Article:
When I was diagnosed with Stage 4 stomach cancer in August 2021, I felt numb and shocked. Cancer was such an unfamiliar word to me, and I didn’t know what to do. I worried about what surgery and treatment would be like, and this gave me a lot of emotions and feelings I’d never experienced before.
I found out about Wessex Cancer Support from the Royal Bournemouth Hospital while I was going for treatment. To start with, I arranged to have a chat with Phil, the charity’s wellbeing coordinator, and he had fantastic way of breaking the ice and treating me like an individual. We discussed my concerns, and what combination of support would help me the most.
I felt very nervous about going to the Bournemouth cancer support centre for the first time because I didn’t know what to expect. I tried to keep an open mind about what it would be like. I needn’t have worried. They welcomed me with open arms and before long it was like going to visit friends I’d known for years.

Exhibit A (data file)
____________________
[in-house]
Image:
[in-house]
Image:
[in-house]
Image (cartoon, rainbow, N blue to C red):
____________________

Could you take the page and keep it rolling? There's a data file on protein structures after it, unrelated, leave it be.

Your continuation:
At the moment, I’m having counselling and I’ve found it so clever how my counsellor works with me to unblock my thoughts and feelings. In the past, I was a military pilot and then a pilot for the Saudi Arabian Royal Fleet, and I’ve found counselling to be a similar process. We break everything down into smaller boxes and deal with one box at a time to stop it being too overwhelming. I’m finding this process incredibly helpful.
I’ve also been having complementary therapies, like Reiki, which has really worked for me – both physically and mentally.
It’s very hard when you’re told you have cancer. It isn’t a nice word and you have to learn a lot very quickly. Two years on, I know that asking for support can be very helpful, because it gives you the tools to cope. I’m so pleased that I kept an open mind, because it helps to be with people who understand. The people at Wessex Cancer Support are so caring and helpful and make me feel comfortable and relaxed. They’ve been like angels to me.